US markets are also discounting negative rates, but yesterday’s FOMC meeting minutes showed little interest in the idea. Negative rates were mentioned just once, in the opening summary: “Against this backdrop, market participants generally expected the target range for the federal funds rate to remain at the effective lower bound for the next couple of years. Respondents to Desk surveys attached almost no probability to the FOMC implementing negative policy rates.” Of course this meeting took place a few weeks ago and conditions change quickly nowadays, but it’s clear from the minutes that the question wasn’t a major one at their last meeting.
The main news from the minutes was that the Fed’s policy review is expected to conclude later this year and they feel the need to provide more guidance on QE purchases, including whether to tie future actions to specific dates or economic outcomes and whether to cap Treasury yields as a reinforcement. Most of them currently prefer QE while only “a few” members support capping rates. But beware: in the long term, financial repression may be the only way to reduce debt burdens if inflation doesn’t pick up.
The Fed is also clearly worried about the risk of a second wave of virus infections.
Some Twitter summaries of the minutes:
Fed minutes: We will never raise rates again
Fed minutes redacted version: We’re totally screwed but we can’t tell anyone
Overnight, Japan’s manufacturing purchasing managers’ index (PMI) fell further, while the service-sector PMI bounced back only a little.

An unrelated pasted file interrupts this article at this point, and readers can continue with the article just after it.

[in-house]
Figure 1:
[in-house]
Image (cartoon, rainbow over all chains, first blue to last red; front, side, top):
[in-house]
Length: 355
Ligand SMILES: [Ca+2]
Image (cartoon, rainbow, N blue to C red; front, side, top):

This followed an enormous (22%) decline in exports in April, the steepest decline since the 2008/09 Global Financial Crisis (and indeed we have to go back to 1953 to find anything steeper than that, although in June 1986 exports were down almost as much —- 20.9% yoy). Falling retail sales and delayed investment globally naturally put the brakes on Japan’s exports. The country’s trade account – and therefore the yen – could be in trouble if things continue like this.
We get the preliminary purchasing managers’ indices (PMIs) for May for Europe and the US despite the fact that several of the European countries are on holiday today. The figures will give us some clue as to how the economies are faring as they begin to emerge from lockdown. As you can see, expectations are that a) services will rebound more than manufacturing, b) nonetheless services will still be way below manufacturing, and c) Europe will rebound more than the US, although d) the US will remain well above Europe in terms of services anyway.
Note though that Japan’s manufacturing PMI fell further, while the services PMI only improved a little bit (the “forecast” for Japan in this table is the actual figure), so this improvement is not a foregone conclusion. On the other hand, Japan’s PMIs last month were both significantly higher than the European ones, so it might not have that much predictive power – today’s figures simply brought it into line with what people expect the other countries to be at.